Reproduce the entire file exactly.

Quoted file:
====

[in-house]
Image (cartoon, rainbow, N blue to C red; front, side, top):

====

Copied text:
[in-house]
Image (cartoon, rainbow, N blue to C red; front, side, top):